by Christian Frankel, José Ossandón and Trine Pallesen*
As Foucault (2008) pointed out 40 years ago, the economic thinking of the Ordoliberals in Germany, the Chicago School in the United States, and Austrian economists such as Hayek, represented an important shift in the way social problems are conceived and governed. As these ideas were implemented more widely, the market acquired a new type of function (Dardot & Laval 2013; Mirowski 2013). Markets – or some of the features attributed to markets, such as choice, competition and price – started to be purposely introduced as means to solve pressing collective problems or concerns. Markets became instruments of policy in areas such as health care, public transport, education and environmental pollution. Such markets are the focus of a special issue of Economy & Society we co-edited, titled “Markets for Collective Concerns and their Failures”. We use the term markets for collective concerns to name this particular object of study.
The papers in this issue offer careful empirical descriptions of what happens after the implementation of markets for collective concerns. What the research presented in this issue shows is an important transition: from a form of policy-making that assumed that, once implemented, markets work on their own, to situations in which policy-making is understood as continuous market organization. Policy-making becomes the evaluation, diagnosis, design and repair of markets. This new form of governing is the important societal problem this issue helps us to better understand. The ‘organization of markets for collective concerns and their failures’ names the new terrain explored in this issue.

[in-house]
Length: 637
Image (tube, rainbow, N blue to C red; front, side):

Besides our introductory piece, five contributions comprise this issue. The first four papers are case studies: Ossandón and Ureta study the markets for public transport and health care in Chile; Reverdy and Breslau, the market for wholesale electricity in France; Doganova and Laurent, markets for emissions, sustainable biofuel and clean technologies in Europe; and Neyland, Ehrenstein and Milyaeva, markets for electronic waste and childcare in the United Kingdom. The fifth paper, by Nik-Khah and Mirowski, provides the intellectual context for this important development. They trace the transformation in economics, from a professional consensus that assumed that markets were the opposite of planning, to the current context in which economists claim to be experts in the design of markets.
Despite the differences in terms of their thematic and geographic scope, the inspection of the discourses and practices involved in governing collective concerns with markets show important similarities. First, the different cases of markets for collective concerns have been problematized as failures by the relevant actors in these different fields of inquiry. Even more significantly, the different cases show that failure does not pave the way for the introduction of non-market forms of solving collective problems. Instead, the cases show an important reorientation in the practice of policy-making and the consolidation of new types of policy-making expertise. These experts are not simply market enthusiast; their claim to expertise is that they know how to assess, identify and repair market failures. For the relevant experts in the different cases presented here, the problem of how to make particular markets work well becomes, to use an ANT expression, ‘the obligatory point of passage’. Policymaking becomes market organization.
— Dardot, Pierre and Christian Laval. 2013. The New Way of the World: On Neoliberal Society. London: Verso.
— Foucault, Michel. 2008. The Birth of Biopolitics: Lectures at the Collège de France, 1978–1979. Basingstoke: Palgrave Macmillan.
— Mirowski, Philip. 2013. Never Let a Serious Crisis go to Waste: How Neoliberalism Survived the Financial Meltdown. London: Verso.
* Department of Organization, Copenhagen Business School. A corresponding author, José Ossandón: email@example.com